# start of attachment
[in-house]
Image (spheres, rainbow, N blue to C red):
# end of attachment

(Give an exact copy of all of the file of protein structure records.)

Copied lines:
[in-house]
Image (spheres, rainbow, N blue to C red):